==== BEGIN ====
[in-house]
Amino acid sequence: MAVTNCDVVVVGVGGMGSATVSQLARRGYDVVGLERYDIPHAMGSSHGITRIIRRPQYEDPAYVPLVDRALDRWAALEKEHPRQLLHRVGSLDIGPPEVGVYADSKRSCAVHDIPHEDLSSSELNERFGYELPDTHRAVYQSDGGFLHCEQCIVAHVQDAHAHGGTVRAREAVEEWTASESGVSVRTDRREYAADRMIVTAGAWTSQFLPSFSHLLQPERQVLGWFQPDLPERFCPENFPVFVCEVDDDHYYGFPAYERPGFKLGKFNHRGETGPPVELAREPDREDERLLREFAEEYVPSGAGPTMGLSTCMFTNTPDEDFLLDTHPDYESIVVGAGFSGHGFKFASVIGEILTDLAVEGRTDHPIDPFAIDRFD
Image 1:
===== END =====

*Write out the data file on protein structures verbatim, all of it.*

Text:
[in-house]
Amino acid sequence: MAVTNCDVVVVGVGGMGSATVSQLARRGYDVVGLERYDIPHAMGSSHGITRIIRRPQYEDPAYVPLVDRALDRWAALEKEHPRQLLHRVGSLDIGPPEVGVYADSKRSCAVHDIPHEDLSSSELNERFGYELPDTHRAVYQSDGGFLHCEQCIVAHVQDAHAHGGTVRAREAVEEWTASESGVSVRTDRREYAADRMIVTAGAWTSQFLPSFSHLLQPERQVLGWFQPDLPERFCPENFPVFVCEVDDDHYYGFPAYERPGFKLGKFNHRGETGPPVELAREPDREDERLLREFAEEYVPSGAGPTMGLSTCMFTNTPDEDFLLDTHPDYESIVVGAGFSGHGFKFASVIGEILTDLAVEGRTDHPIDPFAIDRFD
Image 1: